By Carley Ellis
A family trust may have been sold as a great way to offer protection, but it really only works if you maintain it well. Personal insurance is no different.
The Good, The Bad, and The Unpaid – Why Insurance Policy Ownership Matters
In my role as an insurance adviser, I meet people at significant times in their lives. Buying homes, growing families, or starting businesses. Plans are set up to provide a bit of peace of mind, and to offset potential negative outcomes during these exciting times.
If the worst is to ever happen, the insurance policy is paid out. But where does the money go?
It depends on the “policy ownership”. Essentially, whoever owns the policy, gets the money. Ensuring the right people, get the right money, at the right time, is often most important thing to get right.
Do you want your ex-partner owning your life insurance?
It’s so important to have this set up correctly from the get-go, and to make sure it’s regularly reviewed.
What rights do policy owners have?
The policy owner is the only person who can make changes to your policy. They can update the amounts that you’re insured for, decide when the insurance pays out, and how long the insurance lasts for. In the event of a claim, the policy owner is the only one who can get the payment. As an example, you can own a life insurance policy on anyone you have an insurable interest in (if you’d suffer a loss financially should they pass away for example).
Should I own my own insurance policy?
This seems like a great idea. It’s your policy right, you want to be able to make the changes, you want the money. The only issue here is – what if you’re dead? For example, if you own your life insurance policy, and you die – the money goes to your estate. If you don’t have a will, that means the proceeds of the insurance may be locked up until probate is received. This can take months.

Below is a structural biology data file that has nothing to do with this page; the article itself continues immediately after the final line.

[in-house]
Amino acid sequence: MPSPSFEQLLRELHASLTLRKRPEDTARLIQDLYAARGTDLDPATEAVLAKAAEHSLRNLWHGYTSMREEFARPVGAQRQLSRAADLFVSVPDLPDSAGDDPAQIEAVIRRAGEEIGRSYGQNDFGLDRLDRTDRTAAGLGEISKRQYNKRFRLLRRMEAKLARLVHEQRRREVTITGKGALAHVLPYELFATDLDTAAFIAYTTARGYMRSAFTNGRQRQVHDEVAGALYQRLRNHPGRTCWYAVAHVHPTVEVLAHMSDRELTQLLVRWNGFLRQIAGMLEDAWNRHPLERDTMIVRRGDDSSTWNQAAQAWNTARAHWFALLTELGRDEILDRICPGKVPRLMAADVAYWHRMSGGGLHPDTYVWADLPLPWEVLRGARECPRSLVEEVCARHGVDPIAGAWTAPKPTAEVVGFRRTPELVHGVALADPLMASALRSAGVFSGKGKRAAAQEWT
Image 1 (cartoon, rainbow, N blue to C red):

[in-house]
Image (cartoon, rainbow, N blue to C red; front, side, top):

Also, if you don’t die but you’re in a coma – you can’t sign your own claim form, so how are we going to get any insurance policy paid?
Should I own my insurance policy with my partner?
If you have a partner and the insurance strategy is in place to provide them with money in the event of your demise, then joint ownership might be the best option. It allows either partner to make changes or claim money, no matter if one of the owners is incapable of doing so.
What happens with our insurance policy if we split up?
Here’s where the importance of a regular review is highlighted. Imagine the scenario where you pass away, and all the money is available for your ex-partner to claim. Even if your will states that the money is to go to your children for example, the life insurance policy now belongs to the surviving policy owner – not your estate – so the will is irrelevant in this instance.
In the event of a relationship breakdown, talk to your insurance adviser to organise for the policies to be separated and policy ownership updated.
Is it normal that the bank ‘owns’ my insurance policy?
From time to time, I come across old life insurance policies that are owned by a client’s bank. These may have been set up to cover off a mortgage debt back in the day; if the borrower died, the bank could guarantee their money would be repaid. Often, when I come across these policies, the mortgage has been repaid or is much less than the life insurance policy is worth. Imagine paying premiums on life insurance for all this time – only to die and find out that your bank collects the money, not your family. Ick.
Insurance is not a set-and-forget product. It needs regular reviewing, at least every two years, to make sure it’s still doing what you want it to do.
In summary, a good insurance plan will:
- Include all the right types of insurance (Life, Trauma, Income cover, and Medical are the main ones).
- Be set at all the correct levels for your personal circumstances (amounts should at least enough to repay your debt due to death, disability, or medical incapacitation)
- Be owned by the correct people who will need the money should you pass away.